About the video
The Creators Project: There’s an article about you somewhere that says you were specifically influenced by a Steve Reich track called “Come Out” early on in your career. What significance did it have for you?
Matthew Herbert: I think I was very lucky that I had a great music teacher named Mr. Story. He taught us a sort of general approach to music through Queen and Stravinsky and Mozart’s clarinet concerto and Steve Reich… all sorts of people. He let us in quite early to one of the fundamental secrets of music: that it’s all roughly the same. It’s just done with different orchestration or different techniques, but it’s principally governed by the same rules, which are tension and release and harmony and discord and other things. Anyway, he played us Steve Reich, which was very influential to me because it was intellectually challenging and stimulating to my brain, but also felt emotional and soulful as well. All the challenging music I had heard before then was based around dissonance. I thought that challenging music was supposed to be dissonant or unpleasant or free from these harmonic rules that had governed the rules of music for so long prior to that period. It was a sort of turning point for me. I do think that’s something I find the greatest challenge—to create challenging and engaging and thoughtful and artistically rich music in terms of the ideas or the content of it, but also to sort of package it in such a way that it sneaks under the radar so that you can engage with it in an emotional way as well as an intellectual way.
You’re known for eschewing typical samples in lieu of building sounds made by ordinary objects around the house or actions like bodily movements. Is there a process for this or an overarching concept? Like, do you say, “Between three and five today I’m going to record a table?”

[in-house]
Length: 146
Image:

It’s a combination of pretty legitimate planning from day one and a kind of joyful exuberance because basically I’ve been given this incredible gift—the sampler—that can turn any noise into music instantly. It can allow you to play it on a keyboard. Look at classical music and how much of it is a simulation of nature—bird songs or rolling, expansive hills, or something like that. You don’t need to do that anymore. You can take out a microphone and go out to the hills and record a real bird song, and then your piece of music is the Austrian mountains.
You have very strong ideas about music and how it connects to society in political and sociological ways. Off the top of your head, can you give us an example that someone who listens to Top 40 mainstream music might understand?
Someone who I respect told me this so I don’t have any reason to doubt it, and I also don’t have any hard evidence, but I was told that the vocoder was invented to disguise Winston Churchill’s voice in the Second World War. They probably didn’t expect it to—
Turn up on Kanye West records?
[Laughs]. Exactly, but there’s a strong military relation to everything around us, and we’re happily going along making bits of music without much real consideration for why we’re making music in the first place and why anyone should bother to listen to it in this day in age.